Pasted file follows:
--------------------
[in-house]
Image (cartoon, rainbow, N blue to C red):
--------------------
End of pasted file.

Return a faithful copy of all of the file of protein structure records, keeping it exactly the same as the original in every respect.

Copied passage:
[in-house]
Image (cartoon, rainbow, N blue to C red):